Tailbone Pain

Coccygodynia, Coccydynia

Dear patient,

find out more about possible treatment options here. Of course, this does not replace a personal discussion with the doctor. Therefore, after reading, you can still ask specific questions about what is unclear or important to you.

Coccygodynia or tailbone painis pain in the area of ​​the coccyx (coccyx, coccyx). Anatomically, the lower end of the spine is formed by the tailbone and follows the sacrum. It consists of 2 to 5 vertebrae, usually fused together. If you look at the history of development, the tailbone corresponds to the bony remainder of the animal’s original tail. The melted vertebrae are more or less firmly connected to one another via so-called synostoses. In some people, the tailbone can bend up to 20 degrees when sitting, which returns to normal when standing.

In the meantime, the number of patients I treat is steadily increasing, so that even Bavarian television broadcast a contribution to clarify the situation. Look for yourself: link


Coccygodynia occurs primarily while sitting, women are more often affected than men. The causes are usually unclear and can be of a wide variety of types, the most common being described by the affected patients:

• History of a fall with a bruise in the buttocks area
• In women, onset of pain after a long, difficult delivery
• Repeated, prolonged sitting on especially hard surfaces

However, congenital anatomical misalignments and irritations in the area of ​​the muscle attachments or constipation can also play a role. As a rule, the causes result in unspecific irritation of the periosteum and thus the origin of the pain.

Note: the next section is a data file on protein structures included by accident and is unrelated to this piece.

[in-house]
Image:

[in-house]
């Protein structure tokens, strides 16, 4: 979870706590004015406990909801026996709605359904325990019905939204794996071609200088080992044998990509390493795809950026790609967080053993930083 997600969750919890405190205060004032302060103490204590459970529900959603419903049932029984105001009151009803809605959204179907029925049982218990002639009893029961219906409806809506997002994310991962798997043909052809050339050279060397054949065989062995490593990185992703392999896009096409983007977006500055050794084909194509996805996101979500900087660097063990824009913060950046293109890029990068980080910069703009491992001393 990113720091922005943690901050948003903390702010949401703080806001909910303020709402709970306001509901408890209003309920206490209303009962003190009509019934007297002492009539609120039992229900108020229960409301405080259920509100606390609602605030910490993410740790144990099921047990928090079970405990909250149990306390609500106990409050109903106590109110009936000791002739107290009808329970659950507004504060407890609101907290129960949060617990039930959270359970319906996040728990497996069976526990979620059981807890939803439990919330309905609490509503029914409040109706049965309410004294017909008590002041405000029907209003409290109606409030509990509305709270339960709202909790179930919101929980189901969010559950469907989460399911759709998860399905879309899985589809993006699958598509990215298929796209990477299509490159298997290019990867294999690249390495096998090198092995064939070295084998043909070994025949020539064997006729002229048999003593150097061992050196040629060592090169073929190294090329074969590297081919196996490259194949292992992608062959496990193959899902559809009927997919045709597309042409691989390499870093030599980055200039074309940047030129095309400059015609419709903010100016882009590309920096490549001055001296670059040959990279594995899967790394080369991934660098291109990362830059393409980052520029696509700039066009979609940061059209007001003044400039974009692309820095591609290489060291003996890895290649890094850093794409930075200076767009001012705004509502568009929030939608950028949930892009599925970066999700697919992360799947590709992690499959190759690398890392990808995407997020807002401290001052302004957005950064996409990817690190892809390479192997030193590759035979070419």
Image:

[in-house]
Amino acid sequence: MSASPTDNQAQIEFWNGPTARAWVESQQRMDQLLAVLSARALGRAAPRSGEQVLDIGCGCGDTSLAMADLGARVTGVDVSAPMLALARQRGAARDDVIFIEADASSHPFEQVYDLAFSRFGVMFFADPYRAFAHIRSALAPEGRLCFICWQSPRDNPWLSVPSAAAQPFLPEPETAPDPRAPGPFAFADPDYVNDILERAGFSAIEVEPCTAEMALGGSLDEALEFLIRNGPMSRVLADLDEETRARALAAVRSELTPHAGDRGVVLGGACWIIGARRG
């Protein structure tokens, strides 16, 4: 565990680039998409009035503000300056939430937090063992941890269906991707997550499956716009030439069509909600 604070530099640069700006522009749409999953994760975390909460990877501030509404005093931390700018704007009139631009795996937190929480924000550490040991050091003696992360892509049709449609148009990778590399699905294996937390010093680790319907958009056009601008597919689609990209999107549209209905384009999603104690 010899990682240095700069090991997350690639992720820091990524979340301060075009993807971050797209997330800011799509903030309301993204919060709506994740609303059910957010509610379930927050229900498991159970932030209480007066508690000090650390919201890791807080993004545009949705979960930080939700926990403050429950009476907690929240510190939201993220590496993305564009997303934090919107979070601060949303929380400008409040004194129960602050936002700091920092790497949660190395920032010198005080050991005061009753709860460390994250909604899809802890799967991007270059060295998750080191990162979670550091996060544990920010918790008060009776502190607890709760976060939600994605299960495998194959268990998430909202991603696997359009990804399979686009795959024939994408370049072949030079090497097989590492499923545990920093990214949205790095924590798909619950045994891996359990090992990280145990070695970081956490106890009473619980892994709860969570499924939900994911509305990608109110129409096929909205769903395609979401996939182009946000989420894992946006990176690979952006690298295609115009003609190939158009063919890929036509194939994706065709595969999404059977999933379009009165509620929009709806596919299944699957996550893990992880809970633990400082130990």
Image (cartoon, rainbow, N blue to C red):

Before starting treatment with us, neurological or rectal causes for the pain should be clarified, as it is important to rule out other causes for the pain described.


A diagnosis is made on the one hand by describing the patient’s complaints and on the other hand by a clinical examination of the affected region. The coccyx can also be palpated through the rectum and any excessive mobility can be determined. Despite the different tailbone shapes, it makes sense to carry out an X-ray diagnosis. In the lateral x-ray, misalignments can often be seen. As a gold standard functional x-rays in standing and sitting position should be made. I recently published a ne classification for that:

Conservative treatment

The treatment of newly developed coccygodynia should always be conservative at first.
In addition to anti-inflammatory drugs, relief should be provided while sitting with a seat cushion in the form of a ring. Sitting for long periods of time should generally be avoided. If the complaint lasts longer than 6 weeks, we also recommend physiotherapy in the sense of pelvic floor exercises. Chirotherapeutic or osteopathic mobilization can also be helpful in the case of subluxations of the coccyx.
If the pain lasts longer than 3 months and there is a risk of chronification, we recommend infiltrating the affected area with local anesthetics and triamcinolone to block the nerves (ganglion impar). This is supposed to calm down and provide lasting relief from the pain. Procedures such as blockages by cold (cryodenervation) or heat (thermodenervation) are also described.

Operative treatment

If the symptoms show no significant improvement despite one year of consistent conservative therapy and if the clinical and radiological findings with positive test infiltration give a rounded picture, surgical removal of the coccyx (coccygectomy) is advisable. While the operation is still very controversial in older literature, since the pain has often been described as psychogenic, more recent studies show good results in more than 80% of patients if the indication and patient selection are correct.


In a coccygectomy (surgical removal of the tailbone), the movable part of the tailbone is removed through a small incision and the nerves are obliterated. The main dangers are wound healing disorders and infections. Intestinal injuries can also occur. Sometimes the success does not appear until a few months after the operation.
Surgical scar with Y-shaped skin incision to avoid infection.

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